May 19, 2022
Griffiths, J.D. and Wang, Z. and Ather, S.H. and Momi, D. and Rich, S. and Diaconescu, A. and McIntosh, A.R. and Shen. K.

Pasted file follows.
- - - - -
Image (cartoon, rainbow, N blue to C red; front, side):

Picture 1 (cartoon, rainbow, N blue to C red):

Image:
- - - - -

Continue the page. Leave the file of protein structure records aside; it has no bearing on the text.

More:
Connectome-based neural mass modelling is the emerging computational neuroscience paradigm for simulating large-scale network dynamics observed in whole-brain activity measurements such as fMRI, M/EEG, and related techniques. Estimating physiological parameters by fitting these models to empirical data is challenging however, due to large network sizes, often physiologically detailed fast-timescale system equations, and the need for long (e.g. tens of minutes) simulation runs. Here we introduce a novel approach to connectome-based neural mass model parameter estimation by employing optimization tools developed for deep learning. We cast the system of differential equations representing both neural and haemodynamic activity dynamics as a deep neural network, implemented within a widely used machine learning programming environment (PyTorch). This allows us to use robust industry-standard optimization algorithms, automatic differentiation for computation of gradients, and other useful functionality. The approach is demonstrated using a connectome-based network with nodal dynamics specified by the two-state RWW mean-field neural mass model equations, which we use here as a model of fMRI-measured activity and correlation fluctuations. Additional optimization constraints are explored and prove fruitful, including restricting the model to domains of parameter space near a bifurcation point that yield metastable dynamics. Using these techniques, we first show robust recovery of physiological model parameters in synthetic data and then, as a proof-of-principle, apply the framework to modelling of empirical resting-state fMRI data from the Human Connectome Project database. For resting state activity, the system can be understood as a deep net that receives uncorrelated noise on its input layer, which is transformed into network-wide modelled functional connectivity on its output layer. This is consistent with the prevailing conception in theoretical neuroscience of resting-state functional connectivity patterns as an emergent phenomenon that is driven by (effectively) random activity fluctuations, which are then in turn spatiotemporally filtered by anatomical connectivity and local neural dynamics.

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